Methods Seasons Landings
Commercial Recreational

Most harvests of stone crab claws in the United States come from Florida’s Gulf Coast. In 2013, commercial fishermen landed more than 1.9 million pounds of stone crab claws on Florida’s Gulf Coast, with dockside revenue of nearly $25.2 million, making stone crab the most economically important fishery in Florida. Much smaller amounts of stone crab claws are landed in Texas and Louisiana, with about 9,500 pounds and 1,100 pounds respectively in 2013.

Source: NOAA Fisheries Annual Commercial Landings Statistics and the Florida Fish and Wildlife Conservation Commission Commercial Fisheries Landings

Landings Summary Data :  

Data not available.

Overview Current Abundance Additional Reasearch

The stone crab fishery is most active in Florida—the Florida Fish and Wildlife Commission (FWC) conducts most research on the stone crab population and monitors the commercial fishery for this species in Florida’s waters. The other Gulf states collect some data on stone crab in their state waters and monitor commercial harvests of stone crab claws, most often taken incidentally in fisheries for blue crab.

Current Abundance

Typical population assessments are not relevant for stone crab—fishermen only harvest their claws and then return them to the water alive. Scientists assess the condition of stone crab by examining trends in landings and effort in the fishery.

According to the latest assessment (2011) in Florida (where most stone crab claws are harvested), the status of the stone crab stock is best indicated by the lack of an increase in landings when the number of traps more than doubled. The current level of landings represents all that can be harvested under current environmental conditions, regulations, and fishery practices. Simply put, a certain number of claws can be harvested each season and fishermen compete with each other for those claws. The fishery is fully exploited and any further gains in landings, most likely, will come from expanding the fishing grounds.

Stone crabs may be resilient because most female stone crabs spawn one or more times before their claws reach legal size, some crabs survive declawing, and the fishery is closed during the principal spawning season. However, because of the reproductive behavior of stone crabs, there is concern for adequate numbers of large, mature males.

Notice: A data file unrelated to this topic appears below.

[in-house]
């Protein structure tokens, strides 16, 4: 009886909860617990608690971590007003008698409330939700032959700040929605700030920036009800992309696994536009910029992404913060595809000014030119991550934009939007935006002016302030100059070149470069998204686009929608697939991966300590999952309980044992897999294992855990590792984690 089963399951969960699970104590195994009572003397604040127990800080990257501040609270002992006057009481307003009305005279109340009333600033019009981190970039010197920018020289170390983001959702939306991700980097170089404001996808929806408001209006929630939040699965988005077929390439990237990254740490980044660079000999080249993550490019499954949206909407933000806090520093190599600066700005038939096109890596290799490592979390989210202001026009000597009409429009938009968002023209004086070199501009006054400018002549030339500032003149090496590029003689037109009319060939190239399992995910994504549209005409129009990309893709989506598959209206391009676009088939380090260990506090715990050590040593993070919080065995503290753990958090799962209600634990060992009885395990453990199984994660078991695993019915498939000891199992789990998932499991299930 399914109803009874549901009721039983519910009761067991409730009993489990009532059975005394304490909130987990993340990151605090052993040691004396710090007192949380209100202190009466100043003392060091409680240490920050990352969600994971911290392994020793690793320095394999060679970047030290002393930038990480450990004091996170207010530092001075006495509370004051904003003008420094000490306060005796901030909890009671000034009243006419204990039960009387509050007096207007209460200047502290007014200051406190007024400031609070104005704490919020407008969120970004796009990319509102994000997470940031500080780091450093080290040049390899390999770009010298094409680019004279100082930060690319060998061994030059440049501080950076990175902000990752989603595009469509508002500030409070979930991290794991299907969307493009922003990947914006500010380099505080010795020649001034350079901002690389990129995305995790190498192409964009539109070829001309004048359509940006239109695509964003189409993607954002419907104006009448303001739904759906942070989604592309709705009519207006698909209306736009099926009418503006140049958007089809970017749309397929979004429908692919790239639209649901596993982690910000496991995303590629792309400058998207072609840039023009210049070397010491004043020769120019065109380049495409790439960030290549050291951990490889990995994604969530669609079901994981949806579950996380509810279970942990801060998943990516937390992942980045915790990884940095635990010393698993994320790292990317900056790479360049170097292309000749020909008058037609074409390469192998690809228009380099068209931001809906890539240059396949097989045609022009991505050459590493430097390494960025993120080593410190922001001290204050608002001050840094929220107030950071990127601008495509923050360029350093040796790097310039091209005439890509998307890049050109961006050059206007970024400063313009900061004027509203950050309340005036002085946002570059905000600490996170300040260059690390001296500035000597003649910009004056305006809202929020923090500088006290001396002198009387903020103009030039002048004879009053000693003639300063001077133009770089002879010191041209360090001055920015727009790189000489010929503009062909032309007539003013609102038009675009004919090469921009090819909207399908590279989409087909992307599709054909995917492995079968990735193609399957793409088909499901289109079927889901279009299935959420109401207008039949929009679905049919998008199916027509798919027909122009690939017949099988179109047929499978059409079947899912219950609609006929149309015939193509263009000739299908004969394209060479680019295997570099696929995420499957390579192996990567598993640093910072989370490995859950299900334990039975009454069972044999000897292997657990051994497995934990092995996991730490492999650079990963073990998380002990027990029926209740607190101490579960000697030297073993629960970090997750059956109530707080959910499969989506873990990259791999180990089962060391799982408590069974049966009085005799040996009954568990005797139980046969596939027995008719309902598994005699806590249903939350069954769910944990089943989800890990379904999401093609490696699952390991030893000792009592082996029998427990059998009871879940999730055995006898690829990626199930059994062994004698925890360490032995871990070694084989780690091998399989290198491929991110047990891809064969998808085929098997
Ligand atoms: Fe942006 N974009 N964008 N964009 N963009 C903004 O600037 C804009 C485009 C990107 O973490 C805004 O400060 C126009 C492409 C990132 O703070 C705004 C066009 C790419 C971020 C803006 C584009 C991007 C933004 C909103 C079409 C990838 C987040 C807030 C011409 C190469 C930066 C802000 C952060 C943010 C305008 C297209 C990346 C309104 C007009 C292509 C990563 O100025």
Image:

Other Gulf states have not officially assessed the abundance of stone crabs in their waters.

Additional Research

Who's Responsible Management Program
Who's Responsible

The Florida Fish and Wildlife Commission (FWC) is primarily responsible for managing the stone crab resource in the Gulf. The FWC and the Gulf of Mexico Fishery Management Council previously shared management responsibility, with Florida in charge of state waters and the Council in charge of federal waters; but, because stone crab fisheries mostly operate in Florida state waters, the authorities realized this system was inefficient and duplicated efforts. To streamline management and reduce costs, the Council transferred full management authority of the stone crab resource to the FWC.

A small number of stone crab claws are harvested in Texas and Louisiana, often incidentally in fisheries for blue crab.

Management Program

In Florida, specific management measures include seasonal closures, gear restrictions, licensing and permitting requirements, and minimum claw size limits. In Texas and Louisiana, most management measures for blue crab fisheries typically apply to stone crab, except fishermen may only harvest legal-size stone crab claws, rather than the whole crab. For more on state management, click the state tabs.